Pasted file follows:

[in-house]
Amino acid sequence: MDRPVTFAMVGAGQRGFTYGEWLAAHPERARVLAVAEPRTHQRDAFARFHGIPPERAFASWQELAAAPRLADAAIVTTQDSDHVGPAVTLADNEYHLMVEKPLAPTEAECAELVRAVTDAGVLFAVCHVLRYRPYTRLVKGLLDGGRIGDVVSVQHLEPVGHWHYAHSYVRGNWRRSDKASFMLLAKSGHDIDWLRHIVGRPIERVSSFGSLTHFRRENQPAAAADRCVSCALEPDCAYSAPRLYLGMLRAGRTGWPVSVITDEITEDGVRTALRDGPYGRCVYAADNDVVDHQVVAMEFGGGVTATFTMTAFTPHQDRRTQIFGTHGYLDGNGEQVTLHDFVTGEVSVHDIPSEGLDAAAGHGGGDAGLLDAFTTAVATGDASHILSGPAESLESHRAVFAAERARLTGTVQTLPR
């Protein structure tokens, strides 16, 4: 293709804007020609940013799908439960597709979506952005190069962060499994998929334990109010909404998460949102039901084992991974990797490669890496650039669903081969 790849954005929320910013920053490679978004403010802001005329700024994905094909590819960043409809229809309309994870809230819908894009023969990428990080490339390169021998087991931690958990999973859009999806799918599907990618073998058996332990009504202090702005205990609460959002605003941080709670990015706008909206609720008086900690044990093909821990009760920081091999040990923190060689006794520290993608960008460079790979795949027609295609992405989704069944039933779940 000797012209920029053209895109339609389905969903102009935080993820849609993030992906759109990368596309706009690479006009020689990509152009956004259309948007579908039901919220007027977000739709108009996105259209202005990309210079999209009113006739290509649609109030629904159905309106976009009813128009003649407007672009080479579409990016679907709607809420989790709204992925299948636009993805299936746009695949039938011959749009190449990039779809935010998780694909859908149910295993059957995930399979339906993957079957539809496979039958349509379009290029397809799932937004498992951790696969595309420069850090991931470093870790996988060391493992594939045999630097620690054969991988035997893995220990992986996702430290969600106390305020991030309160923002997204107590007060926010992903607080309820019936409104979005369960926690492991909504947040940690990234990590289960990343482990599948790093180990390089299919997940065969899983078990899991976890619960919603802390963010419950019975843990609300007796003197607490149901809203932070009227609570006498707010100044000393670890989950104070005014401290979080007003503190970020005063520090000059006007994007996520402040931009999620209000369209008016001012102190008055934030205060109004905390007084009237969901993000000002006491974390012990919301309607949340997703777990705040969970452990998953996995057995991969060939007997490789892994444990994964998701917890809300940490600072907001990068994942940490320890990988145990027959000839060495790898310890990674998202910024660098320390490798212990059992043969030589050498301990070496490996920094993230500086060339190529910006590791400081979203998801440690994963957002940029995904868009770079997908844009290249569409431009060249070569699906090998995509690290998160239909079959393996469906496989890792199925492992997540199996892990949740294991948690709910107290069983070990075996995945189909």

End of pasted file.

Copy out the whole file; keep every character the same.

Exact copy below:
[in-house]
Amino acid sequence: MDRPVTFAMVGAGQRGFTYGEWLAAHPERARVLAVAEPRTHQRDAFARFHGIPPERAFASWQELAAAPRLADAAIVTTQDSDHVGPAVTLADNEYHLMVEKPLAPTEAECAELVRAVTDAGVLFAVCHVLRYRPYTRLVKGLLDGGRIGDVVSVQHLEPVGHWHYAHSYVRGNWRRSDKASFMLLAKSGHDIDWLRHIVGRPIERVSSFGSLTHFRRENQPAAAADRCVSCALEPDCAYSAPRLYLGMLRAGRTGWPVSVITDEITEDGVRTALRDGPYGRCVYAADNDVVDHQVVAMEFGGGVTATFTMTAFTPHQDRRTQIFGTHGYLDGNGEQVTLHDFVTGEVSVHDIPSEGLDAAAGHGGGDAGLLDAFTTAVATGDASHILSGPAESLESHRAVFAAERARLTGTVQTLPR
């Protein structure tokens, strides 16, 4: 293709804007020609940013799908439960597709979506952005190069962060499994998929334990109010909404998460949102039901084992991974990797490669890496650039669903081969 790849954005929320910013920053490679978004403010802001005329700024994905094909590819960043409809229809309309994870809230819908894009023969990428990080490339390169021998087991931690958990999973859009999806799918599907990618073998058996332990009504202090702005205990609460959002605003941080709670990015706008909206609720008086900690044990093909821990009760920081091999040990923190060689006794520290993608960008460079790979795949027609295609992405989704069944039933779940 000797012209920029053209895109339609389905969903102009935080993820849609993030992906759109990368596309706009690479006009020689990509152009956004259309948007579908039901919220007027977000739709108009996105259209202005990309210079999209009113006739290509649609109030629904159905309106976009009813128009003649407007672009080479579409990016679907709607809420989790709204992925299948636009993805299936746009695949039938011959749009190449990039779809935010998780694909859908149910295993059957995930399979339906993957079957539809496979039958349509379009290029397809799932937004498992951790696969595309420069850090991931470093870790996988060391493992594939045999630097620690054969991988035997893995220990992986996702430290969600106390305020991030309160923002997204107590007060926010992903607080309820019936409104979005369960926690492991909504947040940690990234990590289960990343482990599948790093180990390089299919997940065969899983078990899991976890619960919603802390963010419950019975843990609300007796003197607490149901809203932070009227609570006498707010100044000393670890989950104070005014401290979080007003503190970020005063520090000059006007994007996520402040931009999620209000369209008016001012102190008055934030205060109004905390007084009237969901993000000002006491974390012990919301309607949340997703777990705040969970452990998953996995057995991969060939007997490789892994444990994964998701917890809300940490600072907001990068994942940490320890990988145990027959000839060495790898310890990674998202910024660098320390490798212990059992043969030589050498301990070496490996920094993230500086060339190529910006590791400081979203998801440690994963957002940029995904868009770079997908844009290249569409431009060249070569699906090998995509690290998160239909079959393996469906496989890792199925492992997540199996892990949740294991948690709910107290069983070990075996995945189909």